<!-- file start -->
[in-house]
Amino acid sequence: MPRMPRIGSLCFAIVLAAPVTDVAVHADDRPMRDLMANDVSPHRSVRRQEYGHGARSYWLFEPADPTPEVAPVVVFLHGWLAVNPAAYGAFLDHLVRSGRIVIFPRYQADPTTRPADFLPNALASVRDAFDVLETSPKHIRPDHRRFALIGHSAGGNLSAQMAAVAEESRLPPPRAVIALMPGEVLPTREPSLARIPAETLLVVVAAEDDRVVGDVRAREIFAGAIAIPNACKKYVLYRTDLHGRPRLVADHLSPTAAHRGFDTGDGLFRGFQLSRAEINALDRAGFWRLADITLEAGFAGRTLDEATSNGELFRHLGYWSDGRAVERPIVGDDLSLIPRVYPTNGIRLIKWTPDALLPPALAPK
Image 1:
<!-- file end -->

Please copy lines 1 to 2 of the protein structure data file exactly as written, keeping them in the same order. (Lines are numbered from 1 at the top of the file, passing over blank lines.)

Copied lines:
[in-house]
Amino acid sequence: MPRMPRIGSLCFAIVLAAPVTDVAVHADDRPMRDLMANDVSPHRSVRRQEYGHGARSYWLFEPADPTPEVAPVVVFLHGWLAVNPAAYGAFLDHLVRSGRIVIFPRYQADPTTRPADFLPNALASVRDAFDVLETSPKHIRPDHRRFALIGHSAGGNLSAQMAAVAEESRLPPPRAVIALMPGEVLPTREPSLARIPAETLLVVVAAEDDRVVGDVRAREIFAGAIAIPNACKKYVLYRTDLHGRPRLVADHLSPTAAHRGFDTGDGLFRGFQLSRAEINALDRAGFWRLADITLEAGFAGRTLDEATSNGELFRHLGYWSDGRAVERPIVGDDLSLIPRVYPTNGIRLIKWTPDALLPPALAPK